Although he seems to be from a long line of bitterness so is likely to have had it instilled in him anyway but he did have a lot of reason to be bitter.
I’m not sure how well rounded I’d be having suffered the losses he did, without discussing the rights & wrongs of them.
It was probably what killed him as well. Trauma affects people differently. There is loads of trauma in the North.
58 or whatever is a very young age.  Dolours Price was also relatively young when she died.

Did Delours Price not die from a cocktail of  drink/prescription drugs?
She did but had been alcoholic for a good while before.

She cared for her aunt who was blinded and lost both hands in an accident with a bomb. She wasn’t allowed out of Lincoln prison for the funeral of her mother. Etc etc

There is a song in Irish about the death of her mother.

https://youtu.be/eUjp5-TqaXc

https://www.irishtimes.com/culture/film/filming-dolours-price-her-name-is-latin-for-sorrow-that-describes-her-life-1.3610215?mode=amp
She was threatening to go public with everything,” MoIoney says. “That would have caused enormous damage to herself, to her family, to all sorts of people.”
Dolours Price was a source for The Secret History of the IRA and Moloney had an extensive understanding of just how many windows were about to be rattled. She could talk to Gerry Adams’s early days. She could spill details on the abduction of Belfast woman Jean McConville in 1972.

She remembers caring for an aunt who was blinded and lost both hands following an accident with IRA explosives. Initially, unlike her father and that aunt, she believed in peaceful change, but her experiences at the Burntollet Bridge incident in 1969 – when security forces allowed loyalist protesters to brutally attack a civil rights march – altered her attitude forever.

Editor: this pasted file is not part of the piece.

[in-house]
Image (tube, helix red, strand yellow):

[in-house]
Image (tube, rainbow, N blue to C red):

After that, they felt Northern Ireland was beyond reform,” Moloney says. “After that she came to view her father’s view as correct. For many others the path was then a straightforward one into the arms of the IRA. Many more followed after internment came in.”

Whatever one’s feeling about the Troubles, hers remains a sad story. She was married to the actor Stephen Rea from 1983 until 2003, but died in 2013 after taking a toxic combination of sedatives and anti-depressant medications. She had been on hunger strike in prison and had subsequently dealt with anorexia nervosa.

An incredibly sad upbringing and life all of which was a reaction to British injustice. No doubt her similar story has resonated throughout the 'empire' for generations.

Tony Baloney

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Re: Willie Frazer and FAIR
« Reply #949 on: June 30, 2019, 03:31:07 PM »
Have any of you read the book Say Nothing about the Troubles?

red hander

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Re: Willie Frazer and FAIR
« Reply #950 on: June 30, 2019, 04:45:05 PM »
Ludicrous. Some people actually listen to this sort of person too.
A lot of people do. For that reason, while I often found Willie Frazer to be comedy gold, he was a dangerous piece of work. He well knew it too.

Indeed.Not only brought up by a father and other relatives involved in the Glenanne Gang, who got their comeuppance, but heavily implicated in the brutal murders of innocent David McIlwaine and Billy Wright fanboy Andrew Robb in Tandragee. Ask David's dad what he thought of the odious p***k.

charlieTully

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Re: Willie Frazer and FAIR
« Reply #951 on: June 30, 2019, 06:55:47 PM »
Ludicrous. Some people actually listen to this sort of person too.
A lot of people do. For that reason, while I often found Willie Frazer to be comedy gold, he was a dangerous piece of work. He well knew it too.